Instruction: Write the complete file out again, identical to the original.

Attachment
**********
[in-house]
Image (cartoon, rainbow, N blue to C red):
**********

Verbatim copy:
[in-house]
Image (cartoon, rainbow, N blue to C red):